"Ah! I see your problem. I'll have to get some new parts and I'll be back sometime later this week."
"But…. Ok then."

Ok that's an exaggeration but things similar to that have happened and guess what - the problem doesn't go away. It requires another visit from the plumber, and so it continues. Its not just plumbers - kitchen fitters who came when we had a problem with a potentially leaky sink, and guess what, he didn't look under the sink! He blamed the dishwasher. Now I get intensely p***ed off at this sort of thing and would bar them from leaving the house if they did it when I was there. But my wife is a little bit more reserved as she feels she isn't knowledgeable enough to question their expertise. What I don't get I that surely this must cost them money. They are having to come back again and again to sort this out. Fix it properly in the first place and that's it - I'll shut up. I'm ranting again. You can see that it gets to you.

More things to look for once you've been in your new house for a few days/weeks.

[Home sweet home] - "First 12 months of your new house" Back to top

Hopefully by now all your problems in your new house have been fixed? What, they haven't. Oh keep writing letters. The difficulty I have is making them sound different. Maybe I shouldn't and seeing as I keep wanting the same problem(s) fixed I should just photocopy it 5 times and put them in dated envelopes saying open in 2 months, 4 months etc. I find I sound apologetic for asking that they really do fix my shower, sink, door, sewage smell etc. So, apart from persevering with the letter writing, you should be on the look out for the tell tale signs that something serious is wrong in your new house. Maybe it's a very slow leak (yes plumbing again - I have nothing against plumbers in general, my brother-in-law is one, just bad plumbers). This will probably show itself by discoloured material, plaster and drawers or other units that start to stick a little. Our leaky sink, yes the one that was the 'dishwasher', ruined our kitchen work surface when a slow leak swelled it. An odd one is if you don't feel that the house is living up to what it was designed to do. For example our house has three bathrooms and 4 bedrooms, yet we found that a tank of hot water only lasted for one shower and the tank is huge. We 'inquired' and it was found that the hot water was at 40°C. Not really a major problem but one that I probably wouldn't have solved.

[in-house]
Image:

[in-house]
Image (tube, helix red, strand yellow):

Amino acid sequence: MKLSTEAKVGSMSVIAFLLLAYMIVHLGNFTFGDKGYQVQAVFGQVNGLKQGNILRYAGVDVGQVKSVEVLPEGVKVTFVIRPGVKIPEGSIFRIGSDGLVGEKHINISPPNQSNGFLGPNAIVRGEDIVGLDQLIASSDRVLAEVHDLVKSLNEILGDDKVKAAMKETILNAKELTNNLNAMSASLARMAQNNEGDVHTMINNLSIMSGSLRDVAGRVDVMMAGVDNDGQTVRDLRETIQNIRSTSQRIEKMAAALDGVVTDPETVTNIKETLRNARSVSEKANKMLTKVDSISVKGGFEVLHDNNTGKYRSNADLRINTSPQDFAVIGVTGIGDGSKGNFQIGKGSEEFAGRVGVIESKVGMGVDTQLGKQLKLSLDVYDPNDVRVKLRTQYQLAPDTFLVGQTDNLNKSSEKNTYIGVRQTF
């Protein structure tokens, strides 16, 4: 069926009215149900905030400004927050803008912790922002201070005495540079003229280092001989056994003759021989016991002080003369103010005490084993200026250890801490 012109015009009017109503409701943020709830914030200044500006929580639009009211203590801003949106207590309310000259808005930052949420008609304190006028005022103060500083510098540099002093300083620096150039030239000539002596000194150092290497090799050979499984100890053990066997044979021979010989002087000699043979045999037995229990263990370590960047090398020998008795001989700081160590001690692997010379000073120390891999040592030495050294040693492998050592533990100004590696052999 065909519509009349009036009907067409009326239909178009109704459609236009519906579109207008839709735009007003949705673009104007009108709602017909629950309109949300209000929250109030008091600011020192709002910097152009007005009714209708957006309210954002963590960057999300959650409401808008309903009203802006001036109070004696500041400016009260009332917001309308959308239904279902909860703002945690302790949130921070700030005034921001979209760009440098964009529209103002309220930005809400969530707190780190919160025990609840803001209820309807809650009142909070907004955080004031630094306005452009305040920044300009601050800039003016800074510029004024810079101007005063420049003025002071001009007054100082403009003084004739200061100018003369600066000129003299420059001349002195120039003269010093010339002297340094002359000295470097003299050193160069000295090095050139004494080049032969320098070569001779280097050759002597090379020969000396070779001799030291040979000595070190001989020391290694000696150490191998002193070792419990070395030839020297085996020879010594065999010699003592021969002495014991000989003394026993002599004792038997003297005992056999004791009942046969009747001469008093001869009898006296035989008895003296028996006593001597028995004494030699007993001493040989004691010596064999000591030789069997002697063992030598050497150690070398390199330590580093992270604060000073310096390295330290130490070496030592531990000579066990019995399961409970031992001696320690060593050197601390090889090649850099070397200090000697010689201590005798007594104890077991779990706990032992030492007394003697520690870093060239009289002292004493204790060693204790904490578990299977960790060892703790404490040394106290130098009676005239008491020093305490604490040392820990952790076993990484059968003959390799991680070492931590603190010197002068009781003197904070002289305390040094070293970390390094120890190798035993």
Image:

[Whinge, whinge, whinge] - "Summary" Back to top

Finally I think the two most important pieces of advice I can give are to inspect all plumbing areas in any new house for signs of leaks and absolutely keep complaining as its your money.

[Sigh] - "PS" Back to top

By the way my new shower still leaks. " Dear sir…."

On a brighter note Whatprice have found a useful web-site that checks new homes for homeowners find all the faults & get the developer to put them all right. Something this author could have done with! Visit www.InspectorHome.co.uk and take a look at their services, these people could save you a lot of headaches, and help clamp down on those Cowboy builders! Another site worth looking at is www.snagging.org which discusses the, you guest it, snagging!

New Home Check-lists by Jonathan Pearson